Chattanoogans In For A Treat With The Opening Of Tupelo Honey Cafe

Thursday, September 12, 2013 - by John Shearer
The Tupelo Honey Cafe in Knoxville
The Tupelo Honey Cafe in Knoxville
- photo by John Shearer

Many Chattanoogans are anticipating the opening of the Tupelo Honey Café at Warehouse Row on Monday.

Since I have eaten at the chain’s Knoxville restaurant three times since it opened on Oct. 15, 2012, I can say overall that Chattanoogans are in for quite a treat.

It is like traditional Southern food with an avant-garde twist. Also, its atmosphere complements the taste with a one-of-a-kind look combining small-town Southern charm and sophisticated urban ambience.

The restaurant in Knoxville is located in an old building in the Market Square area of downtown Knoxville, a gathering place that in recent years has rapidly shown signs of catching up with downtown Chattanooga in terms of all-day vibrancy.

And Tupelo Honey Café is the hottest restaurant going there right now, even though such other unique eateries as the Tomato Head have also been quite popular in Market Square over the last few years.

Besides Tupelo Honey Café, the only other restaurant in Knoxville that has also been the must-go-to place in the last year is the Cheesecake Factory at West Town Mall, a larger chain with also excellent food and, of course, yummy cheesecakes.

Tupelo Honey Café – which was named for the Tupelo honey that is one of its trademark condiments and is placed on each table – started in downtown Asheville, N.C., in 2000.

According to one online story, the restaurant chain has been owned since 2008 by Steve Frabitore, who has expanded into South Asheville; Greenville, S.C.; and Knoxville.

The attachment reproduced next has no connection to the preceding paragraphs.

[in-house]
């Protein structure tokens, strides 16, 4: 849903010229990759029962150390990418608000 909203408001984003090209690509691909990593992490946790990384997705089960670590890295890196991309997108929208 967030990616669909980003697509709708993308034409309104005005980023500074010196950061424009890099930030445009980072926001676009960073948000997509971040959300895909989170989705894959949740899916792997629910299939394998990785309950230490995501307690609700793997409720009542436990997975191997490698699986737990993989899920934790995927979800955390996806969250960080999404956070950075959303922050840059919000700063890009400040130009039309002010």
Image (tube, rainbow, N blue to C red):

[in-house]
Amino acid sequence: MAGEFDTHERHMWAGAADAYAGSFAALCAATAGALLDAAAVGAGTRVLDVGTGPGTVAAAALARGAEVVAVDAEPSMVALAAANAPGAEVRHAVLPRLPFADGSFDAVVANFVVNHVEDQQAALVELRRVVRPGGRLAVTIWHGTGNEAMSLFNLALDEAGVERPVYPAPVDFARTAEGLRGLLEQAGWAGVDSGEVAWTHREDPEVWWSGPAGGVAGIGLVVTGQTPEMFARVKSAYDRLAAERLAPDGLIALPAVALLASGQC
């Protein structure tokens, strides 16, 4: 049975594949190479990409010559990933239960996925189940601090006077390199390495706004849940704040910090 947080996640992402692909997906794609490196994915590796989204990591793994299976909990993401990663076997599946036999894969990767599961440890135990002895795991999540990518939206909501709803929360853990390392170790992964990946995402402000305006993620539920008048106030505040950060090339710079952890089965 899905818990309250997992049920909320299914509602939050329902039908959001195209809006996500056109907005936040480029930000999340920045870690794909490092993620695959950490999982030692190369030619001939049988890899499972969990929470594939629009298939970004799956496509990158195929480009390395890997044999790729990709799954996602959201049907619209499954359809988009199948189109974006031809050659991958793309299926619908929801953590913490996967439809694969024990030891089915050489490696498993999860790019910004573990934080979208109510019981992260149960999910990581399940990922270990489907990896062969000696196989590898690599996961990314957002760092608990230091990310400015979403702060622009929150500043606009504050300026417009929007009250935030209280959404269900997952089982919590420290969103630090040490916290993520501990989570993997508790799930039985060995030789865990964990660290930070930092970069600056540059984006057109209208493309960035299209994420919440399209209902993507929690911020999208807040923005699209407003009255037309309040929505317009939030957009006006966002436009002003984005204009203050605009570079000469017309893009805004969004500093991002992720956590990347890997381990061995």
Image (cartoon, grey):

A Tupelo Honey Café is also to open in Johnson City and apparently Charlotte as well as Chattanooga.

For some reason, I could not find out online during a quick check the original proprietor of the Tupelo Honey Café in Asheville. But the business has apparently had the same executive chef – Brian Sonoskus – since 2001.

My wife and I first went to the Knoxville Tupelo Honey Café for lunch on Feb. 15 to celebrate St. Valentine’s Day a day late. However, due to its popularity, it was still as crowded as a typical restaurant on St. Valentine’s Day.

We had to wait about 20-30 minutes for a table, even though we thought we were beating the crowd by arriving about 11:30 a.m.

Groups of people can always be seen waiting outside the Tupelo Honey Café in Knoxville like groupies at a rock concert, but that just means people like it. The stores around Market Square also are known to have a few people with the Tupelo Honey Café pagers in their hands.

After we sat down that first time for lunch, I decided to order Not Your Mama’s Meatloaf. It was delicious and somewhat unique and came with macaroni and cheese and about three seasoned asparagus spears. For good order, and perhaps after getting caught up in the Southern spirit of the occasion, I ordered a side of fried okra.

The best treat, however, was an item I did not order. After the waitress left, she came back with some simply delicious large and soft biscuits.

They were quite sumptuous as I enjoyed them with some tasty blueberry jam and washed them down with some great sweet iced tea.

I also enjoyed my main meal as well, and then we finished with some great pecan pie and ice cream provided by a Knoxville area dairy.